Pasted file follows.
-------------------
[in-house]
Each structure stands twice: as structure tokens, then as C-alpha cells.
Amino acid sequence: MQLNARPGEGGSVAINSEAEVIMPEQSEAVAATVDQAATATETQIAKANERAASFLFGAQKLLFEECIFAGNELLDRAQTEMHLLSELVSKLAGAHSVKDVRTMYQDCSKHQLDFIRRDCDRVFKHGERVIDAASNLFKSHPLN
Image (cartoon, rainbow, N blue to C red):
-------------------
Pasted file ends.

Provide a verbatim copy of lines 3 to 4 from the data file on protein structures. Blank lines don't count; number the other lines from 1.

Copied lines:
Amino acid sequence: MQLNARPGEGGSVAINSEAEVIMPEQSEAVAATVDQAATATETQIAKANERAASFLFGAQKLLFEECIFAGNELLDRAQTEMHLLSELVSKLAGAHSVKDVRTMYQDCSKHQLDFIRRDCDRVFKHGERVIDAASNLFKSHPLN
Image (cartoon, rainbow, N blue to C red):